but somewhat overcharged portraits of man, in his natural state, are drawn, with the invidious design, by counteracting the doctrine of human corruption, to degrade the value and even destroy the necessity of the Christian sacrifice; by insinuating that uncultivated man is so disposed to rectitude as to supersede the occasion for that redemption which is professedly designed for sinners. That in countries professing Christianity, very many are not Christians will be too readily granted. Yet to say nothing of the vast superiority of goodness in the lives of those who are really governed by Christianity, is there not something even in her reflex light which guides to greater purity many of those who do not profess to walk by it? I doubt much, if numbers of the unbelievers of a Christian country, from the sounder views and better habits derived incidentally and collaterally, as it were, from the influence of a Gospel, the truth of which, however, they do not acknowledge, would not start at many of the actions which these heathen perfectionists daily commit without hesitation.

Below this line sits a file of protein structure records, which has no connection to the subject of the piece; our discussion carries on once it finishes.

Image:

The religious reader of general history will observe the controlling hand of Providence in the direction of events; in turning the most unworthy actions and instruments to the accomplishment of his own purposes. She will mark Infinite Wisdom directing what appear to be casual occurrences to the completion of his own plan. She will point out how cause sseemingly the most unconnected, events seemingly the most unpromising, circum